The Centre has taken a slew of measures in the last six years to curb pollution, the environment ministry said on Tuesday, after Delhi's Deputy Chief Minister Manish Sisodia blamed the Union government for its "inaction on the issue". Reacting to Sisodia's attack as Delhi's air quality entered the "red" zone, the ministry said the government believes in working towards getting rid of air pollution.
"Central government believes in working to end pollution. The government has taken various anti-air pollution initiatives in the last six years, which include construction of the Eastern and Western peripheral expressways, which has reduced pollution by preventing 60,000 undestined heavy vehicles (trucks) passing through Delhi every day," ministry spokesperson Gaurav Khare said. Earlier in the day, Sisodia attacked the Centre, saying all of north India would have to pay for its "inaction on the issue of air pollution".
"Pollution and stubble-burning are not just issues pertaining to Delhi but this affects the whole of north India. It is a matter of regret that the central government did not take any action during the year and now, the whole country will pay for it," the Aam Aadmi Party (AAP) leader said. Responding to his allegations, Khare said the environment ministry shut down the Badarpur power plant, which directly reduced pollution, and introduced BS-VI standard-compliant vehicles and fuel with an investment of Rs 65,000 crore, which reduced vehicular pollution to a great extent.
"Machines for stubble-cutting worth Rs 1,400 crore have been provided to Punjab and Haryana farmers and it has resulted in reduction of about 15 per cent and 20 per cent pollution from stubble-burning respectively," he said. Listing all measures taken by the Centre in this regard, Khare said the zig-zag technology in 2,800 brick klins in the National Capital Region (NCR) was introduced, which resulted in lesser pollution, 2,600 NCR industries were brought on piped natural gas (PNG), the Construction and Demolition Waste Management Rules, introduced for the first time in 2016, reduced dust pollution and hundreds of dust suppressants and water sprinkling vehicles were provided by the Delhi Development Authority (DDA).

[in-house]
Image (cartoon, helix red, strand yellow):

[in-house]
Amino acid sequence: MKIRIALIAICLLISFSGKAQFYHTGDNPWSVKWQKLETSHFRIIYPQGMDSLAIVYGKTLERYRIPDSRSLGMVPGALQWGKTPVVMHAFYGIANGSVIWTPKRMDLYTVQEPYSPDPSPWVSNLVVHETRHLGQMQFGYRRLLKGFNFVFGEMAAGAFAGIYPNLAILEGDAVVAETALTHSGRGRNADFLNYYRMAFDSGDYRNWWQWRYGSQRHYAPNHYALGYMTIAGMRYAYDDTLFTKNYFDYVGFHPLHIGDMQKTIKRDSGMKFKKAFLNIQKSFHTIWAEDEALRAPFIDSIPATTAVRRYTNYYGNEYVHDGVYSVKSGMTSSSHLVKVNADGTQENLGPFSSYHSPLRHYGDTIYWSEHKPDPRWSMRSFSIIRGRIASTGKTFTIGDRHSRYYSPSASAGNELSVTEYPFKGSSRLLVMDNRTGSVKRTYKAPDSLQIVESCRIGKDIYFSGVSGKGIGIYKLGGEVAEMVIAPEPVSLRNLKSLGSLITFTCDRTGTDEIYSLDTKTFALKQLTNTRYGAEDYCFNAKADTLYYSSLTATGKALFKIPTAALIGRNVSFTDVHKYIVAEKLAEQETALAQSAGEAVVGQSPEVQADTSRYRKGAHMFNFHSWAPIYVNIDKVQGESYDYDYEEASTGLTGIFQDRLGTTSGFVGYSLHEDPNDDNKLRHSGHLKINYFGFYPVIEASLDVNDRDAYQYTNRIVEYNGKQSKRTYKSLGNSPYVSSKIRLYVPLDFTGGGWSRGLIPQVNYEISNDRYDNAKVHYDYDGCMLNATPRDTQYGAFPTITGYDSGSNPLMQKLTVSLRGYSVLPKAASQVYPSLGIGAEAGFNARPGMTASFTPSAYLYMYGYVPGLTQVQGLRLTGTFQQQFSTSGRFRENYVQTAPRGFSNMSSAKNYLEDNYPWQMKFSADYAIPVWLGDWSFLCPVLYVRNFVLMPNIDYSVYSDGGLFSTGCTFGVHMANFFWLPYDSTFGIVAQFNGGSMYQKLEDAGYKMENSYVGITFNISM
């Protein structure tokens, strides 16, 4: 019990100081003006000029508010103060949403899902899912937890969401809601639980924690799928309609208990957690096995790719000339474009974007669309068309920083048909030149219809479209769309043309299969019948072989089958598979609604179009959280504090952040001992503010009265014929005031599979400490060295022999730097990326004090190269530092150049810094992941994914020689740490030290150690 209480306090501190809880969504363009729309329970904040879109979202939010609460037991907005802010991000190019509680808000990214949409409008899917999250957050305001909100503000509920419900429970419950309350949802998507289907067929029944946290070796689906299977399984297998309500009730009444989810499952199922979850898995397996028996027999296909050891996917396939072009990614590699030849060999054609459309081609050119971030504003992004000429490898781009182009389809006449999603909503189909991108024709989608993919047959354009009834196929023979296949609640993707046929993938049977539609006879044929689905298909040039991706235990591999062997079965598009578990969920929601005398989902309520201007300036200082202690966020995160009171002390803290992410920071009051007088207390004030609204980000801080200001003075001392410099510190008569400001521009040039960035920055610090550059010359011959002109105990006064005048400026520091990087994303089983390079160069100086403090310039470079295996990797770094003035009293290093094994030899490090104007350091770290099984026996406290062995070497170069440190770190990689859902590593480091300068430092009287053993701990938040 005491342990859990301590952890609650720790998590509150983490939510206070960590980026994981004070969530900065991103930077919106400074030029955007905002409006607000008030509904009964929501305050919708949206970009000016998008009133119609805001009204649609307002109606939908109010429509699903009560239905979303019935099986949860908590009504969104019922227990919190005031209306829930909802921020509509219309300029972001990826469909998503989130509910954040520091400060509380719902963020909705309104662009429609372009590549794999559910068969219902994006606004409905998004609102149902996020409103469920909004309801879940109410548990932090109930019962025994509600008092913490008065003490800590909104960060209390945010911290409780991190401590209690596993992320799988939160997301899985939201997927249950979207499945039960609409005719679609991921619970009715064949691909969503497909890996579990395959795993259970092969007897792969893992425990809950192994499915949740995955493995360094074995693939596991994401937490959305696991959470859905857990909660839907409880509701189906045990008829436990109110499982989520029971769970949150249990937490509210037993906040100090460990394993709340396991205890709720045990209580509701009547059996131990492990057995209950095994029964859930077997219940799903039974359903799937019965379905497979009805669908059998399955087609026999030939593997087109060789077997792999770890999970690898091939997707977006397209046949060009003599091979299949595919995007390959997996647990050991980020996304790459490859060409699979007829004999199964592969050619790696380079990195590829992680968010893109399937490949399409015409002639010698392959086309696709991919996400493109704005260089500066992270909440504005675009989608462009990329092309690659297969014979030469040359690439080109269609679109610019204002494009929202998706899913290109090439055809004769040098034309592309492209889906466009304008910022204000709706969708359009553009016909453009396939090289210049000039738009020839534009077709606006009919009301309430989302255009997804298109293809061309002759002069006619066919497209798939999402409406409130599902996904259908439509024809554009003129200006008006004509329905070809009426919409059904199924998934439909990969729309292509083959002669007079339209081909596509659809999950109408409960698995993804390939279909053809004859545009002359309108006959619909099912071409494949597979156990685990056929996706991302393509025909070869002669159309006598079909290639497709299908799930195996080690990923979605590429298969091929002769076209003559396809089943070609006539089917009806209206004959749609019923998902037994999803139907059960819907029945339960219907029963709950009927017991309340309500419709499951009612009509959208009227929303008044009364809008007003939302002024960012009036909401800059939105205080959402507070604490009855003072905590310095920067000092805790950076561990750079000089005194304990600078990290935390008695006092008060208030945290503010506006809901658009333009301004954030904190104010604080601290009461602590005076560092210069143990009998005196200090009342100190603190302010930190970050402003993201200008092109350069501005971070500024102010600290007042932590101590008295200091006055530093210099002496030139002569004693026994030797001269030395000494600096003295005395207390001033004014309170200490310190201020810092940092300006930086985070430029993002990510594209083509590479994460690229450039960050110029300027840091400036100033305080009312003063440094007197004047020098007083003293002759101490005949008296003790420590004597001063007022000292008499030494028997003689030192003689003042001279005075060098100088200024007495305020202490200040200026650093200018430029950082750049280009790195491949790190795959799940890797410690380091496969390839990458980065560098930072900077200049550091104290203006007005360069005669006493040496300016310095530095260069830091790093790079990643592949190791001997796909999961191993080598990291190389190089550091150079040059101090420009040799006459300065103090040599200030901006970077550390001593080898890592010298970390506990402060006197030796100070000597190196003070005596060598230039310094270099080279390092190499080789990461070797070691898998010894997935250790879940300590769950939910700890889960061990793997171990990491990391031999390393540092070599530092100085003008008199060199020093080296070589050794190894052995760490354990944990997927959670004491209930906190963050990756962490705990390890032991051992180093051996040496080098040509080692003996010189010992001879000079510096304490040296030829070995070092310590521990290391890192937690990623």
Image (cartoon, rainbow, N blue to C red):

Delhi's air quality hit an eight-month low and was recorded just a notch above the "very poor" category on Tuesday. The air quality index (AQI) of the city hit "very poor" levels in the morning and stood at 306 at 11 am. Thereafter, the pollution levels dipped slightly due to an improvement in the ventilation index.
An AQI between 0 and 50 is considered "good", 51 and 100 "satisfactory", 101 and 200 "moderate", 201 and 300 "poor", 301 and 400 "very poor", and 401 and 500 "severe". "The development of strong surface-level inversion and sudden local, calm surface wind conditions led to a low-ventilation coefficient and accumulation of pollutants near the surface," the System of Air Quality and Weather Forecasting and Research (SAFAR) said. Around 675 farm fires were observed in Punjab, Haryana and other border regions of the national capital on Monday, but the wind direction was not favourable for transport of pollutants. Hence, only a marginal contribution in Delhi's PM2.5 concentration is expected, the SAFAR said.